of time summers, off season to have fun later in evenings. And I had summer jobs ALWAYS.
Parents need to step up to the plate with better technology control evenings, IMHO.

Posted by Marlon Williams
a resident of Mountain View
on Aug 14, 2022 at 11:06 am

Marlon Williams is a registered user.

"Teens with after school jobs..."
^ In Palo Alto and Los Altos, very few teens have after school jobs.

Posted by Bobbie Jenkins
a resident of Mountain View
on Aug 14, 2022 at 12:49 pm

Bobbie Jenkins is a registered user.

Kids today do not know how to manage their time...too many distractions and time wasted on online gossip.

Take away their smartphones and they will have plenty of time for sleep, school, homework, and maybe even a few chores around the house.

This sleep deprivation nonsense is a relatively new phenomena being perpetrated by adolescent slackers.

Posted by William Hitchens
a resident of Mountain View
on Aug 14, 2022 at 5:14 pm

William Hitchens is a registered user.

This 8:30 school start will make life tougher for working parents. Aren't school hours set up to make it most viable for their working parents, who have to drop the kids up at about 7:45 AM to start to work at 8:30 AM??? The parents and the kids will need about 1 1/2 hours to bathe, dress, eat, and get out of the house at 7:30 AM, so this means that they'll still have to get up at about 6 AM. I believe that kids starting later is a good thing because I was late sleeper as a child. But if you want to make kids sleep longer in the morning, then it will be necessary to find a way to make their parents arrive at work later, and that will be a very tough nut to crack.

And in professions like construction, or medicine, or even teaching, it is necessary to be at work by 8 AM or earlier.

Posted by Jennifer
a resident of another community
on Aug 14, 2022 at 8:38 pm

Jennifer is a registered user.

Goodness... whatever happened to a start time/ring the bell. This is over analyzing, and that's putting it mildly.

Getting your kids to school on time isn't any different than adults getting to work on time. You make the necessary changes, and you do it.

I agree with kids not having cell phones/smart phones. We never bought phones for our kids, and it's one of the wisest parental decisions we made.

I think it's sad that so many parents drive their kids to school. Walking/biking is healthier - as long as you use the buddy system. It's mentally and physically healthy, and it instills confidence in your child.

Posted by Eleanor Prescott
a resident of Downtown North
on Aug 15, 2022 at 6:42 am

Eleanor Prescott is a registered user.

Would it be possible to incorporate to nap period during the school day like they do in kindergarten?

An afternoon siesta following lunch is a traditional part of Mexican culture and is said to have rejuvenating qualities.

Posted by Gerri Gaines
a resident of Crescent Park
on Aug 15, 2022 at 9:40 am

Gerri Gaines is a registered user.

Most of this 'sleep deprivation' is self-imposed because kids today are easily distracted by other trivial outlets like social media and online gossip mongering.

Having grown up on a small farm in Iowa...we went to bed by 9pm, woke up at 5:30am, completed a few chores by 6:30am, had breakfast, and then hopped on the yellow bus to school every weekday morning.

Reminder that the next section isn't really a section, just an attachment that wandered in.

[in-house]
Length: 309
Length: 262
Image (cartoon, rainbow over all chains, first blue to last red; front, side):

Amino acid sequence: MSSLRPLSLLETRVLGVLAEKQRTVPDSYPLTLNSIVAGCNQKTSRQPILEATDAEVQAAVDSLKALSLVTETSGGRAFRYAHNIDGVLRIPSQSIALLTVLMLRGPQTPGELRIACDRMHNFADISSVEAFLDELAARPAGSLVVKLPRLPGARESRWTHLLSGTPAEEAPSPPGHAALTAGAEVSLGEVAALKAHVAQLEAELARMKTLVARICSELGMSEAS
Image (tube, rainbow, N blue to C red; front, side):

There was no time for exercising or promoting contemporary weenie excuses.

[Portion removed.]

Posted by Ron Harvey
a resident of Los Altos
on Aug 15, 2022 at 11:22 am

Ron Harvey is a registered user.

"Another consideration/ today are LAZY."

"Most of this 'sleep deprivation' is self-imposed because kids today are easily distracted by other trivial outlets like social media and online gossip mongering."

Take away those iPhones and kids will have plenty of time for both school and sleep.

"Teens with after school jobs getting out at 4:10 can only work a shift from 5-8." many upper middle class white kids have after school jobs?

My neighbors pay their high school-aged children $100.00/weekly in allowance in addition to fully subsidizing their 'creature comforts' (i.e. late model cars, smartphones, clothes, concert tickets, and outside dining).

Why should these kids even bother to address any responsibility when they've got it made?

Just sleep-in and complain about how cruel life is as did their older Millennial brethren.

Posted by Grew Up Here
a resident of Another Palo Alto neighborhood
on Aug 15, 2022 at 12:02 pm

Grew Up Here is a registered user.

Quit suggesting removing the mobile phones—that is not going to happen and is ridiculous to even suggest it. If it works for you, good, but it won't work for the general population. The Brady Bunch and Leave It to Beaver days of childhood are gone.

As far as the farm girl who woke up at 5:30 am, surely Iowa schools 30 years ago are not as rigorous as the academics in PAUSD.

I graduated from Paly in the 1980s and the curriculum was much easier, although I felt the teachers were superior too, which made it easier to learn.

I sent three kids through Paly in the last 12 years. It's not poor time management, research shows that teenagers' biological clocks are later in the night time so they cannot fall asleep as early. The 9:00 start time was a lifesaver for us. My students played Paly sports and there were no issues with the late ending times: Web Link So glad that Paly has resumed the 9:00 start time. In the past, it was an 8:20 start time and was more difficult. The earlier start time is beneficial to adults but not teens. Sleep deprivation leads to stress—the health of our children should be considered, especially being in a college-prep school district. Now if only tenure could be overruled. . . Principal Brent Kline cares about the students and is by far the best principal we have had in over a decade. Superintendent Austin is much better than the past few too.